Another example of where aiming for gold results in mud delivery is the District Health Information System (DHIS), a tool with so many parameters and different indicators that it is not actually possible to fill it out correctly unless each clinic has several dedicated data capturers with computers and technical support. As a result, much of the data is literally made up (I have seen it happen with my own eyes) and results in very poor quality data. At a recent meeting in my district, for example, several clinics had a higher than 120% coverage for measles vaccination. Yet managers and health planners scratch their heads and wonder why we get such poor quality data and complain that overloaded nurses at the coalface must just fill the data sheets out correctly. The DHIS needs to be simplified drastically, and nurses on the ground must get regular feedback on certain critical indicators that truly reflect improved care.
Many people balk at the idea of not aiming for a “gold standard” at a policy level – surely we must at least aim for the stars even if this isn’t really achievable?
Firstly, I would like to argue that we have ample evidence of how aiming for gold actually undermines the provision of care at grassroots level, and that we instead need to focus on simplicity and doing the basics really well. This would result in the biggest health impact on the greatest number of people.
Secondly, I think that we need to be cognisant of our limitations in terms of both human and financial resources in South Africa and recognise that we do not have the capacity to achieve gold right now, although it may be possible to aim for gold 20-30 years from now.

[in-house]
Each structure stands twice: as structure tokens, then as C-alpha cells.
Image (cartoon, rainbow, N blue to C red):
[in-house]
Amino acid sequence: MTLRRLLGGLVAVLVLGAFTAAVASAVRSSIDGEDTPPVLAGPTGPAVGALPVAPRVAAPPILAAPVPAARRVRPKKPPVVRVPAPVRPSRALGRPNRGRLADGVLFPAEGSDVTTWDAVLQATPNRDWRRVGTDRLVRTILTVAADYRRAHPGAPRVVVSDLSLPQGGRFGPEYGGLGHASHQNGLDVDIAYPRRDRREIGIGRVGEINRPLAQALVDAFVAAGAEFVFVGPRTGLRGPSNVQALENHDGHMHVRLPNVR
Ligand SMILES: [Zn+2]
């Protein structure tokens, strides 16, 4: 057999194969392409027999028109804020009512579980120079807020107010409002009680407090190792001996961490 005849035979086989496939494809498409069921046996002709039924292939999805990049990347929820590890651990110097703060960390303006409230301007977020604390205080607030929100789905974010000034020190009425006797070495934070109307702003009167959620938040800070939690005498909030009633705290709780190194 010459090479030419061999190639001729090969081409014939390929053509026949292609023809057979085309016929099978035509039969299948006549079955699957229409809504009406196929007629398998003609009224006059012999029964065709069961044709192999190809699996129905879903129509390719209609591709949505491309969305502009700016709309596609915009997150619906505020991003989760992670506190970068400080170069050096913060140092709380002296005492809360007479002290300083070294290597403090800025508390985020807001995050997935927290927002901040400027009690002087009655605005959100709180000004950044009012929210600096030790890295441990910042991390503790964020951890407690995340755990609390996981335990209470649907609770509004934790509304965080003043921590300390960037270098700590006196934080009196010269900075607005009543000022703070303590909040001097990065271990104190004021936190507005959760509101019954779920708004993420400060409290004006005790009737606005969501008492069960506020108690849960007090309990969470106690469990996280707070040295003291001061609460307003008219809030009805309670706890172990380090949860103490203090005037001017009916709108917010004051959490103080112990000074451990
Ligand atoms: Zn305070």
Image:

In the health sector we should be working within a framework of clear, straightforward priorities, aiming for what is achievable (silver?) and doing the basics extremely well, with simple monitoring and clear feedback to all healthcare workers.
I would like to argue that a policy cannot be labelled as “good” unless it is implementable. We need to recognise that putting policy together is the beginning of a long process. Policymakers need to be involved in drawing up implementation strategies, and government must support policy implementation through adequate finances and capacitating and empowering managers to manage the changes that will be required when policy is implemented.
Let me end with a final plea from the coalface that those of you who write policy use the following as your guiding principle: good health policies make things better and easier on the ground and result in improved patient care.
Note that the views expressed in this article are those of the author(s) and do not necessarily represent the views of PHASA.